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In our last episode, Sabrina talked about how Engineers define the problems they need to solve. But how do you know when you've actually solved a problem? What do you expect to happen that would equal success? In this episode, Sabrina chats about how Engineers look at results to help them know when they've achieved success.

This first series is based on 5th grade science. We're super excited and hope you enjoy Crash Course Kids!

///Standards Used in This Video///
3-5-ETS1-1. Define a simple design problem reflecting a need or a want that includes specified criteria for success and constraints on materials, time, or cost.

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Producer & Editor: Nicholas Jenkins
Cinematographer & Director: Michael Aranda
Host: Sabrina Cruz
Script Supervisor: Mickie Halpern
Writer: Kay Boatner
Credits...

Executive Producers: John & Hank Green
Consultant: Shelby Alinsky
Script Editor: Blake de Pastino

Thought Cafe Team:
Stephanie Bailis
Cody Brown
Suzanna Brusikiewicz
Jonathan Corbiere
Nick Counter
Kelsey Heinrichs
Jack Kenedy
Corey MacDonald
Tyler Sammy
Nikkie Stinchcombe
James Tuer
Adam Winnik
(CrashCourse intro)

Sabrina: Problems. Problems, problems, problems. We've been learning a lot about engineering lately and engineering always starts with a problem that needs to be solved. But I'm tired of talking about problems, so let's talk about solutions instead.

We've already learned about how engineers design problems. Now it's time to discover how they define success. I don't mean how they define success in general, like "success is graduating from a good school" or "success is getting a good bonus check at work" or "success is winning a lifetime supply of macaroni and cheese." although, I'm not gonna lie, that sounds like success to me.

When engineers define success, they do it in relation to the problem they're trying to solve. So, for example, what does a successful solution to my problem look like? The big question we're asking today is "what makes a solution successful?"

(Big question)

OK. Let's back up a bit. A solution is what again? A solution is something an engineer designs or builds to solve a problem he or she has. Some solutions that engineers have com up with include the telephone, a solution to the problem of how people in different places can communicate with each other. Or the refrigerator, a solution to not being able to keep foods fresh for long periods of time. Or light bulbs, a solution to not being able to see at night, using something that's safer, brighter, and more reliable than an open flame.

Every day engineers design and build solutions, but how do they decide which of the many potential solutions that they brainstorm will be the most successful? I think an example would be helpful here, and we've already invented a fake problem, so  why not invent a fake solution too.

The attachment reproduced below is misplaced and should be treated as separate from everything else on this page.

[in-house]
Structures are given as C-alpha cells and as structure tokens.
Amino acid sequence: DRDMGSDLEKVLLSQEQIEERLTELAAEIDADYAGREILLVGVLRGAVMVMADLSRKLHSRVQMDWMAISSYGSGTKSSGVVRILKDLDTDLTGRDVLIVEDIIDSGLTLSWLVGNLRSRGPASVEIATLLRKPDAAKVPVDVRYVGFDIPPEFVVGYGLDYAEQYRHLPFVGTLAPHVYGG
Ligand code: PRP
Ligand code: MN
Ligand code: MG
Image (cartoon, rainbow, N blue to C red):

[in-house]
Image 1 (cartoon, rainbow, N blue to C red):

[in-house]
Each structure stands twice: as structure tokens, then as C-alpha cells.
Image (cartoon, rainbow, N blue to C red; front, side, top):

Back to the canyon. you know, that insanely deep one with no bridge and a raging river at the bottom of it? Yeah. That one.

(Investigation)

The problem we defined at that spot was "How do we fly across this canyon?" I'll be your stand in engineer again. Being a good engineer, I know it's time to identify the criteria for my solution.

Basically, I need to figure out which things my solution needs to do in order to be considered successful. Think of it like making a checklist. Number one, it should get me to the other side, and let me be more specific, it should get me to the other side alive. Number two, it - the thing that gets me to the other side - should be something I currently have or can easily access. Number three, it would be nice if I could reuse whatever "it" is once I'm on the other side.

Now, if Superman's Fortress of Solitude was nearby, I'd snag him and make him fly me over this canyon no prob, but sadly I don't have access to Superman's secret lair. So, like any other engineer, I have to make do with what I have. So what do I have? I've got the tent that I camp with, and that's about it.

You guys! I could make a hang glider out of my tent. It's a resource I already have and if I build it properly, it will get me to the other side alive which is ultimately where I want to be. Plus, bonus, I can dismantle the glider on the other side and use the pieces for their original purpose, keeping me sheltered from lions and tigers and bears. Oh my!

(Conclusion)

So, Superman's a solution in that if he were real and if I could somehow contact him to get him to carry me over this canyon, he could get me to the other side alive. But, he's not the most successful solution because he doesn't meet all of my criteria. He's not currently with me and I can't easily find him. I mean, the whole point of a secret lair is that it's secret.

So a hang glider meets all of my criteria, which means that's our solution. We'll fly across this very big canyon with a hang glider. And of all the solutions that an engineer can brainstorm to whatever problem he or she has, the most successful one - the one that meets all or most of the criteria - is the one that engineers actually attempt to design.

Now, actually making a hang glider out of a tent is a different step in the engineering process, so it's one that we kind of fortunately don't have to mess with today, because I have zero idea about how to build or fly a hang glider. And anyway remember that this is a totally fake made up solution. Don't go jumping into a canyon or anything with a tent, OK. We're here to solve problems, not create new ones.

(endscreen)